Between jobs: Is unemployment Warner's ace?


In three weeks, Mark Warner will be back on the job market.

Not that he'll be in any rush to find something– indeed, it's a safe bet that the Virginia Democrat will be more than willing to bide his time until the right opportunity comes along.

Say, in 2008.

"I don't have any timeline on when I'll make a decision," Warner says. "I want to take a little time after I'm done in January to take a breath. There are a lot of things I still have to learn if I'm going to consider this next step."

The "next step," of course, is running for the 2008 Democratic Party presidential nomination. Warner is considered one of the top potential candidates for the party's nod– neck-and-neck with early frontrunner Senator Hillary Clinton (D-NY), 2004 vice-presidential nominee John Edwards, and former Tennessee senator, vice president, and 2000 presidential nominee Al Gore.

Warner's credentials as a successful Southern governor potentially position him to emerge at the head of the pack– much like Clinton's husband, Bill, a former Arkansas governor, did in 1992, and Jimmy Carter, a former Georgia governor, did in 1976.

The fact that Clinton and Carter are the last two Democrats to win the White House is one reason Warner has become a media darling on the national scene.

"The Democratic Party has long thought that its success is dependent on some support in the South," says Stephen Farnsworth, professor of political science at the University of Mary Washington.

Warner's disadvantage at this point in the walkup to '08 is his relatively low name recognition nationally, Farnsworth says.

That's where the imminent free time should come in handy.

"The presidential-nomination system favors the unemployed or the underemployed over the fully employed," Farnsworth says.

Democratic National Committee chair Howard Dean used that strategy to ride to the top of the polls early in the 2004 Democratic presidential-nomination campaign. The former Vermont governor snagged the frontrunner title early, before faltering in Iowa and New Hampshire.

"Although their ideologies are very different, the strategy Howard Dean employed could be the strategy Mark Warner employs," says Farnsworth. "Basically camp out in Iowa and New Hampshire and go door to door, church supper to church supper, to make himself a household name in those states."

It might also do Warner well to find a cause he can associate himself with– much as Edwards has done with his work as director of the Center on Poverty, Work and Opportunity at UNC and with his own One America Committee.

"What Warner should do is become active in the party and find some cause he tie his name to, something that can give him the national exposure that he needs," says Quentin Kidd, a political-science professor at Christopher Newport University.

Kidd also advises Warner to consider "spending at least some of his time working for Democratic candidates, flying around the country campaigning, raising money.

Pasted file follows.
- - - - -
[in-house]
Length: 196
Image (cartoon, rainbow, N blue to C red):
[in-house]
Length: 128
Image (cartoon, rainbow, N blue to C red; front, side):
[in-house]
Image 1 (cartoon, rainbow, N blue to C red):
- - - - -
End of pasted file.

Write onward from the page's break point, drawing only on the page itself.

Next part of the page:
"He has to get down in the trenches and work for some of these candidates," Kidd adds.

"He has to be really careful about how he positions himself to remain in the spotlight," Kidd says. "Luckily for him, he has the money to do it. It's one thing if you don't have the resources. It's another thing if you have the resources, and you can make yourself visible. He's going to have to find a way to do that."

Warner, for his part, sees his pending unemployment as a double-edged sword.

"On the one hand, you have more time," he says. "On the other, you're not day-to-day in the debate on the issues."

That said, Warner says he "couldn't imagine being a sitting governor and actually running for national office."

"Unlike a senator who can plop in and out of debates, as a governor, you have to actually get stuff done," he says.

Warner toyed with the idea of running for Republican Sen. George Allen's seat in 2006 before deciding to focus his political energies elsewhere.

"I know there have been people who have run– Gov. Bush, Gov. Clinton– from that position," Warner says. "But in my mind, it would be a real challenge to run nationally if you were actually a sitting governor."

In addition to setting aside some time to catch his breath, Warner is working out the details of a pre-White House itinerary that includes some study time and some travel.

The early returns on that end are looking promising, to hear Warner tell it.

"One of the things I've noticed as I've started to travel a little bit, even in places like California, New York and other places where the centrist, results-oriented, pragmatic approach we've tried to take might not get much traction," Warner says, "is that it's amazing how much people across the country want to look at policymakers who can say they can actually get stuff done.

"In Washington, that's the antithesis of what we see, that nothing gets done other than the kind of gotcha-style politics," he says. "Where else can you make a career out of doing nothing other than making the other guys look bad and have that be a successful outcome?"

"I do think that people are hungry for results-driven rather than pure ideologically driven policy," Warner says.

Chris Graham is the co-publisher of The Augusta Free Press.